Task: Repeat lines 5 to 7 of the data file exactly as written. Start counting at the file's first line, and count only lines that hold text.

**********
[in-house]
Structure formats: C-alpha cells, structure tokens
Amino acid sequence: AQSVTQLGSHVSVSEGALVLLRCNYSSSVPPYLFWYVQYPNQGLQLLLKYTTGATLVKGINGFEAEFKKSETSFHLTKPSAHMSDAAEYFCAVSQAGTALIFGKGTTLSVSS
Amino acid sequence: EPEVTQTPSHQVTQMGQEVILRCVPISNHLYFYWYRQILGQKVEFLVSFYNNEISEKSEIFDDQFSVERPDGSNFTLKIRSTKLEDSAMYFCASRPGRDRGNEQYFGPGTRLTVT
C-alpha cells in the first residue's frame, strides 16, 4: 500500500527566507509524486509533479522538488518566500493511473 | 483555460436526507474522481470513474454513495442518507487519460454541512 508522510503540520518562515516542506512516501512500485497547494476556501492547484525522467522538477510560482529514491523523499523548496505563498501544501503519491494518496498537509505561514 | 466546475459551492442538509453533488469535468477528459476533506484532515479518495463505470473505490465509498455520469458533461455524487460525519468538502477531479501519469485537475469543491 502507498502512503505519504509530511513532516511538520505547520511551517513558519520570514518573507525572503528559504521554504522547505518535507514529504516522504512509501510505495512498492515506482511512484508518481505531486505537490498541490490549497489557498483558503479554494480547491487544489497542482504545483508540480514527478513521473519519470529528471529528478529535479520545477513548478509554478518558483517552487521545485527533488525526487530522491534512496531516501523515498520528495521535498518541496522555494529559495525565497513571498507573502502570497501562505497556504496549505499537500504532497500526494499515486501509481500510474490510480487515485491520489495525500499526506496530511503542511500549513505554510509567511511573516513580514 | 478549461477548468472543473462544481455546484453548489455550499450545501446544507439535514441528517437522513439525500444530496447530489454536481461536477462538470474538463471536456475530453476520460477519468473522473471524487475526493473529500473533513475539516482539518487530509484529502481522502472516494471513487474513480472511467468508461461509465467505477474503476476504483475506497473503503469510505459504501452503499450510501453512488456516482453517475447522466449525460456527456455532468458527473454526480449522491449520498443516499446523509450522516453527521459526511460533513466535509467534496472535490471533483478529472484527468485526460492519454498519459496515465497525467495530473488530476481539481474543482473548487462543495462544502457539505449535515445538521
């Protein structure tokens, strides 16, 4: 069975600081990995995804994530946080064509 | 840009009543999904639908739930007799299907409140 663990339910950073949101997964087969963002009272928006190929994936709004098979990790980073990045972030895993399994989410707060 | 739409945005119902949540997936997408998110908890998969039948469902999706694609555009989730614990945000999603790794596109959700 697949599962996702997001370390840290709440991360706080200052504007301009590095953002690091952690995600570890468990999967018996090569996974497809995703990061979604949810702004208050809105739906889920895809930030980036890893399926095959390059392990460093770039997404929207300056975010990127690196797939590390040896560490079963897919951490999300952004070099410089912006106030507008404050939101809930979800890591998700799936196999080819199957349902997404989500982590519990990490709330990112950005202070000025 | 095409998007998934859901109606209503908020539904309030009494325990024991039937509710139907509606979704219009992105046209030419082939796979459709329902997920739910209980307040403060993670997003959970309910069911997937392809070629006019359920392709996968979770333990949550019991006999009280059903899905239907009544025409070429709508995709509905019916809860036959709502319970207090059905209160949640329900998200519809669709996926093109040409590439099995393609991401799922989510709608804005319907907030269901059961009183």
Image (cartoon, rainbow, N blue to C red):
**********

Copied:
C-alpha cells in the first residue's frame, strides 16, 4: 500500500527566507509524486509533479522538488518566500493511473 | 483555460436526507474522481470513474454513495442518507487519460454541512 508522510503540520518562515516542506512516501512500485497547494476556501492547484525522467522538477510560482529514491523523499523548496505563498501544501503519491494518496498537509505561514 | 466546475459551492442538509453533488469535468477528459476533506484532515479518495463505470473505490465509498455520469458533461455524487460525519468538502477531479501519469485537475469543491 502507498502512503505519504509530511513532516511538520505547520511551517513558519520570514518573507525572503528559504521554504522547505518535507514529504516522504512509501510505495512498492515506482511512484508518481505531486505537490498541490490549497489557498483558503479554494480547491487544489497542482504545483508540480514527478513521473519519470529528471529528478529535479520545477513548478509554478518558483517552487521545485527533488525526487530522491534512496531516501523515498520528495521535498518541496522555494529559495525565497513571498507573502502570497501562505497556504496549505499537500504532497500526494499515486501509481500510474490510480487515485491520489495525500499526506496530511503542511500549513505554510509567511511573516513580514 | 478549461477548468472543473462544481455546484453548489455550499450545501446544507439535514441528517437522513439525500444530496447530489454536481461536477462538470474538463471536456475530453476520460477519468473522473471524487475526493473529500473533513475539516482539518487530509484529502481522502472516494471513487474513480472511467468508461461509465467505477474503476476504483475506497473503503469510505459504501452503499450510501453512488456516482453517475447522466449525460456527456455532468458527473454526480449522491449520498443516499446523509450522516453527521459526511460533513466535509467534496472535490471533483478529472484527468485526460492519454498519459496515465497525467495530473488530476481539481474543482473548487462543495462544502457539505449535515445538521
């Protein structure tokens, strides 16, 4: 069975600081990995995804994530946080064509 | 840009009543999904639908739930007799299907409140 663990339910950073949101997964087969963002009272928006190929994936709004098979990790980073990045972030895993399994989410707060 | 739409945005119902949540997936997408998110908890998969039948469902999706694609555009989730614990945000999603790794596109959700 697949599962996702997001370390840290709440991360706080200052504007301009590095953002690091952690995600570890468990999967018996090569996974497809995703990061979604949810702004208050809105739906889920895809930030980036890893399926095959390059392990460093770039997404929207300056975010990127690196797939590390040896560490079963897919951490999300952004070099410089912006106030507008404050939101809930979800890591998700799936196999080819199957349902997404989500982590519990990490709330990112950005202070000025 | 095409998007998934859901109606209503908020539904309030009494325990024991039937509710139907509606979704219009992105046209030419082939796979459709329902997920739910209980307040403060993670997003959970309910069911997937392809070629006019359920392709996968979770333990949550019991006999009280059903899905239907009544025409070429709508995709509905019916809860036959709502319970207090059905209160949640329900998200519809669709996926093109040409590439099995393609991401799922989510709608804005319907907030269901059961009183």
Image (cartoon, rainbow, N blue to C red):